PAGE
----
The number of orders issued by the central government to social media companies to take down posts and accounts under Section 69(A) of the Information Technology Act, 2000, has seen a steep rise over the last couple of years, with nearly 6,000 orders issued until the first week of June this year, officials familiar with the matter told Hindustan Times.
The number, said officials, has gone up from being around 3,600 in 2019, to over 9,800 in 2020. The posts asked to be taken down have been spread out across social media companies, including prominent players like Twitter, Facebook, Instagram and YouTube.
“The posts concerned various issues including the recent farmers’ agitation, Kashmir, Khalistan and the pandemic that could have been a threat to public order or violated section 69(A) of the IT Act,” an official familiar with the matter said on condition of anonymity, adding, “The orders were sent to Facebook, Twitter, YouTube, WhatsApp, Pinterest, Telegram. 99% of the orders have been complied with.”
Section 69(A) of the IT Act allows the government to act against social media posts and accounts that may pose a threat to public order or India’s sovereignty and integrity, defence of India, security of the State, and friendly relations with foreign states.
The order to block a post/account is issued by a designated officer appointed by the central government, who chairs an inter-ministerial committee comprising officials from the ministries of law and justice, home affairs, information and broadcasting and the Indian Computer Emergency Response Team (CERT-In). The committee approves requests from different stakeholders, including states and central agencies, and also gives the intermediary a hearing. The designated officer at present is Pronab Mohanty, the deputy director general of UIDAI.
According to a reply filed by the ministry of electronics and information technology in Parliament on March 10, 9,849 URLs/accounts/web pages were blocked in 2020, up from 3,603 in 2019; 2,799 in 2018; and 1,385 in 2017. Of these, 1,717 orders were sent to Facebook and 2,731 to Twitter.
The government has already sent Twitter two non-compliance notices for failing to act against certain accounts in the last six months that had posted on the ongoing farmers’ agitation and the Covid-19 pandemic. Last year in June, the government invoked this very provision to block access to over 250 mobile applications, mostly of Chinese origin, including popular short video streaming platform TikTok and game PUBG in the wake of increased tensions with the People’s Republic of China.
In January this year, the government asked Twitter to take down content on the farmers’ agitation that carried a controversial hashtag regarding the Prime Minister, saying that it was a threat to public order. While Twitter withheld access to the posts, it refused to take down content by activists and journalists saying that it violated the tenets of free speech. A month later, as the impasse between the government and Twitter continued over the demand to block 257 accounts and posts related to farmers protests, the government asked the company to take over 1,178 accounts that may “foment trouble”.
In April, the central government issued emergency blocking orders to take down over 100 “inflammatory” posts and accounts across Twitter, Facebook and Instagram related to Covid-19, including an official Facebook page of Trinamool Congress (TMC) chief and West Bengal chief minister Mamata Banerjee. The government faced pushback against the orders, which included blocking access to accounts of Congress’ Pawan Khera, Revanth Reddy, TMC’s Moloy Ghatak, a West Bengal state minister and filmmaker Vinod Kapri, with many arguing that the posts ordered to be blocked were critical of the government’s handling of the Covid pandemic.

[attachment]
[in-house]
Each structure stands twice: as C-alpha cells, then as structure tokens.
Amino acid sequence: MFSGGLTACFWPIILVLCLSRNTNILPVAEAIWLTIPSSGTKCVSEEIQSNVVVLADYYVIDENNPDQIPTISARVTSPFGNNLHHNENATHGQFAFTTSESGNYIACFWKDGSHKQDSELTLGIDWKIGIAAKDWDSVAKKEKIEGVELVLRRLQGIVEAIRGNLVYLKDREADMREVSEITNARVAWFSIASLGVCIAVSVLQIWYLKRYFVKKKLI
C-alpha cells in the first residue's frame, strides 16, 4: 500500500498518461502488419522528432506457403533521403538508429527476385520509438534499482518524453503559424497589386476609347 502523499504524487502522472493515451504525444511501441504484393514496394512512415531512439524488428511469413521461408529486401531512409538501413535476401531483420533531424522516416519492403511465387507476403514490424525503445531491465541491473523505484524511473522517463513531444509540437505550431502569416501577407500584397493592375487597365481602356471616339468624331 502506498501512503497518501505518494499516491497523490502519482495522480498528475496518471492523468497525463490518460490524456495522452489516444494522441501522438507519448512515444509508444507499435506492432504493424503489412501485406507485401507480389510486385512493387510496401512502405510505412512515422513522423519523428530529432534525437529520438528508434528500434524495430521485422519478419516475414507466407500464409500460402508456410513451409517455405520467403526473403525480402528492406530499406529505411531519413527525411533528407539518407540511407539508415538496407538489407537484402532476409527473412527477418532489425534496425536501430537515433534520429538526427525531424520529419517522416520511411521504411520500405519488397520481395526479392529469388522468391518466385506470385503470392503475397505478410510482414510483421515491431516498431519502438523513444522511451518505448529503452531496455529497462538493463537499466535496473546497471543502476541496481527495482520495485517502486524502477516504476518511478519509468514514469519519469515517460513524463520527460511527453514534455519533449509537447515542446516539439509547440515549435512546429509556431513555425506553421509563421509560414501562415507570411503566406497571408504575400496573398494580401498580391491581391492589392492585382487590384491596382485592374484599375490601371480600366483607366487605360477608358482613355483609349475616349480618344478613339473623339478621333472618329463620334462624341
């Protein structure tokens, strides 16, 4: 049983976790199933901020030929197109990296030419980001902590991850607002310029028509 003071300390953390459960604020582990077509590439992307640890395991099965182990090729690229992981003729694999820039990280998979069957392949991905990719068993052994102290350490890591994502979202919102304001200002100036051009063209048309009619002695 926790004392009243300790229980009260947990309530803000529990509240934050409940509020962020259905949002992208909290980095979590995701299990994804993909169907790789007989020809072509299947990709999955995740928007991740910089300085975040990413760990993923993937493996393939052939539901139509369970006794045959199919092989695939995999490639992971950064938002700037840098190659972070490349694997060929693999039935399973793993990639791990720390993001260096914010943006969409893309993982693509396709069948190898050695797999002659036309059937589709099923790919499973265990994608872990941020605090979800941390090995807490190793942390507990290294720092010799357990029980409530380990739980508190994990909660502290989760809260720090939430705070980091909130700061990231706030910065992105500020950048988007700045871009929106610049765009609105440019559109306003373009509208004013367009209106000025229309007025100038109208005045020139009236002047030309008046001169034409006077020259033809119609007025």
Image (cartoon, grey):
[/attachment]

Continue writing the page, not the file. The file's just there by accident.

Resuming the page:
Apar Gupta, Internet Freedom Foundation trustee, said that the trends are related to the increase in the number of internet connections and rising online advocacy of subjects concerning citizenship laws and farm laws. “With respect to the examining committee, these orders earlier were restricted to specific posts to social media. But now some of these orders also require accounts to be blocked,” Gupta said. “ The continuing practice of lack of transparency and secrecy continues to be a problem.”
LinkedIn Makes its 20 Most Popular LinkedIn Learning Courses Freely Available Throughout August
Looking to up your skills for a job change or career advancement in the second half of the year?
This will help – today, LinkedIn has published its listing of the 20 most popular LinkedIn Learning courses over the first half of 2022. In addition to this, LinkedIn’s also making each of these courses free to access till the end of the month – so now may well be the best time to jump in and brush up on the latest, rising skills in your industry.
As per LinkedIn:
“As the Great Reshuffle slows and the job market cools, professionals are getting more serious about skill building. The pandemic accelerated change across industries, and as a result, skills to do a job today have changed even compared to a few years ago. Professionals are responding by learning new skills to future-proof their careers and meet the moment.”
LinkedIn says that over seven million people have undertaken these 20 courses this year, covering everything from improved communication, project management, coding, strategic thinking and more.
Here are the top 20 LinkedIn Learning courses right now, which you can access via the relevant links:
- Goal Setting: Objectives and Key Results (OKRs) with Jessie Withers
- Excel Essential Training (Office 365/Microsoft 365) with Dennis Taylor
- Interpersonal Communication with Dorie Clark
- Cultivating a Growth Mindset with Gemma Leigh Roberts
- Project Management Foundations with Bonnie Biafore
- Using Questions to Foster Critical Thinking and Curiosity with Joshua Miller
- Essentials of Team Collaboration with Dana Brownlee
- Unconscious Bias with Stacey Gordon
- Learning Python with Joe Marini
- Communicating with Confidence with Jeff Ansell